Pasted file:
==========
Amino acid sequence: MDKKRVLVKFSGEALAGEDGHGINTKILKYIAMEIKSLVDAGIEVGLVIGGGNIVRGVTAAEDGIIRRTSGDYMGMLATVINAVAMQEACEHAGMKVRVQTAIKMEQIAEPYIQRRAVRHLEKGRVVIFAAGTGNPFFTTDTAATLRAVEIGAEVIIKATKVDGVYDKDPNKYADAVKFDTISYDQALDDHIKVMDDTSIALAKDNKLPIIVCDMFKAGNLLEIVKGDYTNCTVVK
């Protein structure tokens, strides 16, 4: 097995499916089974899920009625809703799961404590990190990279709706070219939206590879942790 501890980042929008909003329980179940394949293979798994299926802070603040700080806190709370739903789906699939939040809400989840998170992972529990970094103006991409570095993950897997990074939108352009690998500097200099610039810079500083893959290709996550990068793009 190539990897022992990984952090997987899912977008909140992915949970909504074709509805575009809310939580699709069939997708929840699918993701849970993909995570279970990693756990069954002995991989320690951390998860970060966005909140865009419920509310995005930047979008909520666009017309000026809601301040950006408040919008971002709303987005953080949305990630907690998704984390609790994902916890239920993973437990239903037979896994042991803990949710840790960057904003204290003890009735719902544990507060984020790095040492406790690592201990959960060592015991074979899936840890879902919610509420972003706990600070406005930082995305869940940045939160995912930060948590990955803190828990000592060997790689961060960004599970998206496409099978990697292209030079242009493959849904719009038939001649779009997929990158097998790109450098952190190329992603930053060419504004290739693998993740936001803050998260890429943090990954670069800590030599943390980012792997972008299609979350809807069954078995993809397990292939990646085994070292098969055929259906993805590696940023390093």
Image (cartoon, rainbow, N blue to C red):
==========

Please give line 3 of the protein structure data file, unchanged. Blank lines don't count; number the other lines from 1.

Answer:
Image (cartoon, rainbow, N blue to C red):